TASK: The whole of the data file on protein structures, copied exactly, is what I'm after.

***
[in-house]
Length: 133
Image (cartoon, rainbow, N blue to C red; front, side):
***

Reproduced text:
[in-house]
Length: 133
Image (cartoon, rainbow, N blue to C red; front, side):